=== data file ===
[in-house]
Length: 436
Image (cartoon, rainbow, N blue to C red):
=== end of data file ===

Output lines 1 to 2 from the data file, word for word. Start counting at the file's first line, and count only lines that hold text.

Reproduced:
[in-house]
Length: 436